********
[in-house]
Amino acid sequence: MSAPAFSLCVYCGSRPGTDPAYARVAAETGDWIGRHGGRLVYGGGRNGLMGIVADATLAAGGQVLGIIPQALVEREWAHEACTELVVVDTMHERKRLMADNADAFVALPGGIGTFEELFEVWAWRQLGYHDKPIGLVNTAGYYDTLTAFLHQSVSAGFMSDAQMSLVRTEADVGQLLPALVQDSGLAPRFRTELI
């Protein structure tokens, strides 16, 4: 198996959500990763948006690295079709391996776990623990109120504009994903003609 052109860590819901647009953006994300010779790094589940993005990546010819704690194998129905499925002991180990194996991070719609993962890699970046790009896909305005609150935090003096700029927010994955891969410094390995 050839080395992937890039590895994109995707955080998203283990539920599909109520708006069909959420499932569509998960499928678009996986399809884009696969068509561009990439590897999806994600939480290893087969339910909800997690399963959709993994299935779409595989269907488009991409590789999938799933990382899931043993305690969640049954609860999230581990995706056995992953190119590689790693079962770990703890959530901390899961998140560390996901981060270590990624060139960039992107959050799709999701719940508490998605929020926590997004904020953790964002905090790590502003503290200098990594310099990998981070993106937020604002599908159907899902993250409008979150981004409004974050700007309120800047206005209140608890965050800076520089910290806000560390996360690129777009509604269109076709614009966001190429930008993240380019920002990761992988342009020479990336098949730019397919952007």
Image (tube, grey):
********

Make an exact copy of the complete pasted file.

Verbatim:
[in-house]
Amino acid sequence: MSAPAFSLCVYCGSRPGTDPAYARVAAETGDWIGRHGGRLVYGGGRNGLMGIVADATLAAGGQVLGIIPQALVEREWAHEACTELVVVDTMHERKRLMADNADAFVALPGGIGTFEELFEVWAWRQLGYHDKPIGLVNTAGYYDTLTAFLHQSVSAGFMSDAQMSLVRTEADVGQLLPALVQDSGLAPRFRTELI
């Protein structure tokens, strides 16, 4: 198996959500990763948006690295079709391996776990623990109120504009994903003609 052109860590819901647009953006994300010779790094589940993005990546010819704690194998129905499925002991180990194996991070719609993962890699970046790009896909305005609150935090003096700029927010994955891969410094390995 050839080395992937890039590895994109995707955080998203283990539920599909109520708006069909959420499932569509998960499928678009996986399809884009696969068509561009990439590897999806994600939480290893087969339910909800997690399963959709993994299935779409595989269907488009991409590789999938799933990382899931043993305690969640049954609860999230581990995706056995992953190119590689790693079962770990703890959530901390899961998140560390996901981060270590990624060139960039992107959050799709999701719940508490998605929020926590997004904020953790964002905090790590502003503290200098990594310099990998981070993106937020604002599908159907899902993250409008979150981004409004974050700007309120800047206005209140608890965050800076520089910290806000560390996360690129777009509604269109076709614009966001190429930008993240380019920002990761992988342009020479990336098949730019397919952007």
Image (tube, grey):